To apply, you will need proof of your relationship with your child. For example, a birth certificate which shows you are their mother/father. You will then need to prove your child’s residency in the UK.
In addition, you will need to prove your child’s identity using a valid ID card such as a passport.
Although the rules are complex, you can apply under the EU Settlement Scheme for Settled Status even if you are not an EU, EEA or Swiss national.
To be eligible, you must satisfy one of the following criteria:
- You did have an EU, EEA or Swiss family member living in the UK but the relationship broke down or he/she has died;
- You are the family member of a British national and you had lived together in an EEA country before (but not the UK);
- You have a family member from Northern Ireland;
- You are a carer of a British, EU, EEA or Swiss citizen;
- You are the child of an EU, EEA or Swiss citizen who used to live in the UK
We understand that with Brexit negotiations well underway, it is important to have security; our team of expert immigration lawyers can help you to get this.
IAS hosts a team of specialist immigration lawyers who can help you find the best route to take as an EEA or Swiss national, inform you of your next steps and guide you through each stage of your application process.
- Ensure that all your documents are sufficient before you make an application
- Ensure that you/your family members are eligible for the EU Settlement Scheme
- Complete your application to the highest standard
- Prepare a Letter of Representation to accompany your application. This letter details your case and its merits and recommends that your case is accepted by the Home Office;
- Liaise with the Home Office until a decision regarding your application is reached.
No, you do not need to apply for Settled Status if you already have a form of permanent immigration permission. This includes Indefinite Leave to Remain (ILR), British Citizenship, Irish Citizenship or ‘Dual Citizenship’. This is because you are essentially already exempt from immigration control.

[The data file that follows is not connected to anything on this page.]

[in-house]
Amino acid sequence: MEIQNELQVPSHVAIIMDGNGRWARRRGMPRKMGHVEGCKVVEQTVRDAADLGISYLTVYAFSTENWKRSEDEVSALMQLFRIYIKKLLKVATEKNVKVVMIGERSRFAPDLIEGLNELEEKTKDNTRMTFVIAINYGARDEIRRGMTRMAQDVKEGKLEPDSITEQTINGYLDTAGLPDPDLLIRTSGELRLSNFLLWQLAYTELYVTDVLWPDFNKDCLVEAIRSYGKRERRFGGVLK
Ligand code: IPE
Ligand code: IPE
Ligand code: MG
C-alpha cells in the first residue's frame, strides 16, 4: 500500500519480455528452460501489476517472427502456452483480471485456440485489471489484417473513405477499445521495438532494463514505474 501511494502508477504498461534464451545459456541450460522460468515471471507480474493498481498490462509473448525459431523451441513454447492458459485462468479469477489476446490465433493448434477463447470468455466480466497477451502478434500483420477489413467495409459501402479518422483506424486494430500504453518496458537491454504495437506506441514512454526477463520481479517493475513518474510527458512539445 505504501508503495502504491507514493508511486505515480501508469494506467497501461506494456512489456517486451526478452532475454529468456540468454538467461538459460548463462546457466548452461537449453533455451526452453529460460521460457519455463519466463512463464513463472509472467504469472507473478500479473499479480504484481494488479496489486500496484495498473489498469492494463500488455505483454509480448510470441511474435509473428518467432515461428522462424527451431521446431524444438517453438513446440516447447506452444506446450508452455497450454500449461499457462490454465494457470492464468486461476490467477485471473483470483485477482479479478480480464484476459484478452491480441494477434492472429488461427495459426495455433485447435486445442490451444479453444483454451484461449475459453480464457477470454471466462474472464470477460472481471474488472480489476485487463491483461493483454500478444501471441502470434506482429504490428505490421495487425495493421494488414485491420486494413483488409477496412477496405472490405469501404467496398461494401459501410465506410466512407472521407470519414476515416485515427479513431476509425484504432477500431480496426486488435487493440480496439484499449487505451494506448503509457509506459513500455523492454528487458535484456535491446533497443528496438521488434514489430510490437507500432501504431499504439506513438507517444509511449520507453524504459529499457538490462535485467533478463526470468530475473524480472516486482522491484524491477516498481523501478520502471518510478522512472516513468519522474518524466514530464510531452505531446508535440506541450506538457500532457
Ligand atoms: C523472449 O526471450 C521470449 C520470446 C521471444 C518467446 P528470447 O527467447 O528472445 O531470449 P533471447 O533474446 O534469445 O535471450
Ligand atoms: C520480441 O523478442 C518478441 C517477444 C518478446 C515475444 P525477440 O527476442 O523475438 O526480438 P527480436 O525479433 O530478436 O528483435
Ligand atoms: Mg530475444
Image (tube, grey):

In addition, foreign diplomats posted in the UK and members of NATO do not need to apply for Settled Status either
There are many benefits to having Settled or Pre-Settled Status in the UK. This includes:
- Working in the UK
- Using the NHS without charges
- Accessing welfare support and benefits such as Universal Credit
- Studying in the UK with access to all levels of education
- Travel in and out of the UK without issues
- Spend up to 5 years in a row outside of the UK without losing Settled Status (or 2 years with Pre-Settled Status or 4 years as a Swiss citizen)
- Automatic British citizenship to any subsequent children born in the UK after achieving Settled Status
If you do not have Settled Status or some other eligible proof to remain in the UK as of 1 July 2021, you may face barriers and hurdles when attempting to participate in UK life. This is because you will not be classed as a legal resident.
Employers and landlords are bound by law to verify the immigration status of their staff or tenants as per the Right to Work and Right to Rent scheme which has existed in the UK since as early as 2016. If you cannot provide proof of your legal status, you may be unsuccessful when you apply for a job or seek a rental agreement.
Without status, you are also vulnerable to exploitation from unscrupulous employers or landlords, who may hire or rent out to you without bypassing the legal checks. In this case, both yourself and your employer/landlord will be liable for breaking the law. However, if you do become a victim of modern slavery or human trafficking, there are further ways you can seek help to remain in the country – and you will not be penalised for speaking to the authorities. This same consideration is given if you were a victim of domestic abuse at the time and were unable to apply for Settled Status as a consequence of the abuse you faced.
If you are unsure, speak to one of our lawyers today in confidence for further assistance and guidance.
The application process for the EU Settlement Scheme is fortunately fast, easy and free.
You will simply need to apply online with the following documents:
- Evidence of your identity – such as a passport or ID card – as well as a digital photograph of yourself
- Evidence of your ‘continuous residence in the UK – such as your National Insurance number
You may need to provide your biometric information if you haven’t already done so.
You can scan the above documents if you are using the online application. If you opt to send via post, you will need to send the documents with your form.
If you have any criminal convictions, you will need to declare them.
Contact us now on 0333 305 9375 to find out how we can help you apply for Settled Status.